although avid doesn’t actually describe it, i am most certainly an avid jan seen before. like the example i’m sharing today. is this designed by tschichold? most likely not, but it is certainly ‘from the school of.’ according to burke, tschichold did work for lund humphries in the late 30s, designing the penrose annual in 1938. this little book, structure drill in chinese, is from 1945. i know tschichold moved to england, but i don’t think it was until much later. i will need to reread burke to be sure. many of tschichold’s familiar typographic elements are repeated here. the use of type in a box; a slab serif; the use of the city typeface; the change of type weight for emphasis; the asymmetric layout. all these clearly reference tschichold. i have provided the title page from another book designed by tschichold which uses almost the same layout. (mr weider has a couple more images of this book.) what do you think: tschichold or not? mr. burke, what do you think? close, right?

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  1. the layout is not nearly as elegant as anything tschichold did, and he never. ever would have set type vertically, as on the left side of the title page.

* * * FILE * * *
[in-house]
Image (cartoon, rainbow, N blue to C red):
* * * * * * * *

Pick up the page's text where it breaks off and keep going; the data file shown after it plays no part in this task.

Comment by dpl — 12/03/2010 LINK TO THIS COMMENT

  2. no, not tschichold. not as elegant as his work, and he would never ever set type vertically as is done on the left side of the title page

    Comment by dpl — 16/03/2010 LINK TO THIS COMMENT

  3. The English designer Anthony Froshaug would probably have had a hand in this. He was doing freelance work for Lund Humphries then. As was usual at that time, designers struggled to have their layouts implemented by a compositor exactly: the vertical type wasn’t something that Froshaug ever did, just as Tschichold could never have done it either. So that would have come from the compositor … Such botching of intentions was a reason for Froshaug setting up as his own printer: the next year (1946) he bought a press. If you want to know more, then I’m afraid you need another of our books, this one on Anthony Froshaug:
    Froshaug was Tschichold’s deepest and most brilliant student.

    Comment by Robin Kinross — 19/03/2010 LINK TO THIS COMMENT

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